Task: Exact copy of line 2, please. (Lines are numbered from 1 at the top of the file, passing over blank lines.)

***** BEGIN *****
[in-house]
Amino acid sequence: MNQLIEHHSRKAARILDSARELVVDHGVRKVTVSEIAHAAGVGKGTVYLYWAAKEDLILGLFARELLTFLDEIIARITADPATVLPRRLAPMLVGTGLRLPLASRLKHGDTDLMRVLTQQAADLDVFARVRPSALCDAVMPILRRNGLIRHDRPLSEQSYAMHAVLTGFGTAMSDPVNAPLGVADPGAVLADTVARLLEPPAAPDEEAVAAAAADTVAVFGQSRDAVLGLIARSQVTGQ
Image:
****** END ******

Amino acid sequence: MNQLIEHHSRKAARILDSARELVVDHGVRKVTVSEIAHAAGVGKGTVYLYWAAKEDLILGLFARELLTFLDEIIARITADPATVLPRRLAPMLVGTGLRLPLASRLKHGDTDLMRVLTQQAADLDVFARVRPSALCDAVMPILRRNGLIRHDRPLSEQSYAMHAVLTGFGTAMSDPVNAPLGVADPGAVLADTVARLLEPPAAPDEEAVAAAAADTVAVFGQSRDAVLGLIARSQVTGQ